I hope you will take this report of massive and widespread plant injuries with utmost seriousness, because I believe that once people understand that the trees in their own backyards and parks - and the food products on their grocery store shelves - are at risk of extinction, they will wake up and support government action to reduce CO2 and other greenhouse gas emissions.

It is, alas, mainly you scientists who possess the truth, and who have the authority to speak out and save humanity from its own stupidity.

Below is a link to an early post that summarizes my motivation in starting this blog. If you go to other entries, you can find pictures and more recent observations.

Frankly, the decline unfolding from week to week is worse than my worst imaginings when I first noticed a year ago that something terrible is threatening our forests. And now, the picture is even more dire, as ozone clearly is dangerous for all plant life, including crops.

We really are in an emergency and should behave accordingly.

Here's the link to the post I mentioned:

Thanks for reading. I am very interested in sharing information and appreciate any responses.

Gail Zawacki
Oldwick, NJ

And, in the interim, thanks to Roger in Massachusetts, I was sent this amazing link:

This young lady had a similar experience to mine, wondering what is afflicting the trees, only she went out and did an actual scientific study and also discovered other research on the topic of ozone. I am hopeful the Museum of Natural History will forward my message to her so we can compare notes.

That's all for now, I have sinus infection and am sweltering at a humid town on the Jersey shore where the beach is littered with rank dead mussels and other bivalves, which everyone pretends is normal.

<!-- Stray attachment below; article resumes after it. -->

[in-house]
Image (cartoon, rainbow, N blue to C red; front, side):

1. Gail, I'm surprised you are unaware that New Jersey does not discriminate against the sexual orientation of valves.

  2. Hey, feel free to snark in anonymity as long as you can explain the presence of the following bivalves, partially submerged in the sand, none of which were looking particularly robust, either:

    two of the Veneroidea family:

    dosinius anus larrycraig (one of the infaunal: they bury themselves in sediment. These forms typically have a strong digging foot), and
    humuilaria MarkFoley
    in addition to several lesser-known subspecies, some as yet unnamed;
    Not to mention examples of the order Ostreoida were also found in some abundance, (which, being epifaunal, such a venus clams and cockles, try to attach themselves to surfaces but on the occasion in question, were abjectly adrift) most notable among them the New Jersey native from the Family Pectinaidae, genera amusium mcgreevey.
    Check here for further descriptions of the habits of bi-valves.

  3. Actually, my concerns were aimed at Czech valves and Gates valves, not Ball valves.

  4. And, I should add, not enough attention is being paid to the declining populations of the Butterfly valve - especially those threatened by the construction of the Three Gorges Dam belonging to the family commonly referred to as the Main Steam Stop Valve.